Efforts underway to change US Embassy street names in Amman, Cairo

Jordanian police stand guard in front of the American embassy in Amman during a demonstration against the US president's decision to recognize Jerusalem as the capital of Israel, on Dec. 8, 2017. (AFP)
Updated 10 December 2017

Efforts underway to change US Embassy street names in Amman, Cairo

AMMAN: Efforts are underway in Jordan and Egypt to persuade authorities to change the names of the streets in both countries where American embassies are located, in response to US recognition of Jerusalem as Israel’s capital.

Ismail Bustanji a member of Amman’s city council, said he has prepared a resolution to the council to change Al-Umwayeen Street to Al-Quds Arabiya (Jerusalem is Arab) Street.

“We’re doing this because we want the world, and especially those working in or visiting the US Embassy, to know that for us Jerusalem is an Arab city,” he told Arab News.

Egyptian political activist Khaled Dawoud told Arab News that he has passed the idea to various political parties, and is sure they will draft a resolution to similarly change the name of Qasra Al-Dubara Street in Cairo.

Meanwhile, in Jerusalem Palestinian protesters barred a Bahraini delegation visiting Israel from entering Al-Aqsa Mosque.

They said the visit was not coordinated with any Palestinian side, thus constituting normalization of relations with Israel.

The 2002 Arab Peace Initiative calls on Israel to withdraw from all Arab territory occupied in 1967, and an agreed to solution to the Palestinian refugee problem, in return for Arab countries normalizing ties with Israel.

The 22-member Arab League and 57-member Organization of Islamic Cooperation (OIC) have adopted the peace plan.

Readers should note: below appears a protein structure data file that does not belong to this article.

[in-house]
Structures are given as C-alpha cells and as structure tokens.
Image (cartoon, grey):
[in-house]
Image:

Meanwhile, a Palestinian was arrested after stabbing an Israeli security officer in West Jerusalem on Sunday. The injury was not said to be life-threatening.

Protests against the US decision have evolved in the last few days to include new songs, social media campaigns, street demonstrations worldwide, and calls to boycott American products and services.

There was a one-hour strike in Amman’s Jabal Hussein business district, and Jordanian lawyers and judges agreed to a one-hour suspension of legal proceedings in the main courthouses to protest the US move.

Mazen Rushedat, head of the Jordanian Bar Association, has urged the government to approach the International Court of Justice.

He told protesting lawyers that US President Donald Trump has unified Arabs, but that Arab governments still dealing with America as a peace sponsor must re-evaluate their position.

US to send 1,000 additional troops to the Middle East

Updated 13 min 41 sec ago

US to send 1,000 additional troops to the Middle East

DUBAI/WASHINGTON: Acting US Defense Secretary Patrick Shanahan announced on Monday the deployment of about 1,000 more troops to the Middle East for what he said were “defensive purposes,” citing concerns about a threat from Iran.
“The recent Iranian attacks validate the reliable, credible intelligence we have received on hostile behavior by Iranian forces and their proxy groups that threaten United States personnel and interests across the region,” Shanahan said in a statement.
Reuters first reported plans to send US additional troops to the Middle East earlier on Monday.
Fears of a confrontation between Iran and the United States have mounted since last Thursday when two oil tankers were attacked, more than a year after President Donald Trump announced Washington was withdrawing from a 2015 nuclear deal.
Iran said on Monday it would soon breach limits on how much enriched uranium it can stockpile under the deal, which a White House National Security Council spokesman said amounted to “nuclear blackmail.”